1. Team Pharrell: DaNica Shirey (“Saving All My Love For You” by Whitney Houston) defeats Katriz Trinidad (“Superwoman” by Alicia Keys) | To paraphrase the great philosopher Sade, DaNica’s a smooooooth operatoooor — a smooooooth op-ahh-ray-tahhhh. I mean, the way she wrapped her silky voice around Whitney Houston’s classic ’80s ballad about a smitten mistress gave me the same kind of feeling as climbing into luxury bedding at a high-end hotel. Yes, Pharrell will need to prove DaNica’s an equally natural fit for modern radio — just no Emeli Sande, please — but that glory not on “old fantasy-yyyyy” was 50 shades of great. I still figured Pharrell would choose note-perfect but emotionally globulus Katriz — because youth trumps almost everything in the music biz these days — but instead, he made like a Disney princess ballad and let the 15-year-old belter go. I mean, in the spirit of total honesty, until the kid realizes she’s more suited — lyrically — to Britney’s “I’m Not a Girl, Not Yet a Woman” than she is to Alicia Keys’ “Superwoman” — then perhaps the crushing setback of elimination – and the emotional aftershocks — will prove the most important building block to date of her fledgling music career.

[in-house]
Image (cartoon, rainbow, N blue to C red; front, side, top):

On that note, it’s your turn. What did you think of Monday’s Knockout Rounds? Take our poll below, then sound off in the comments!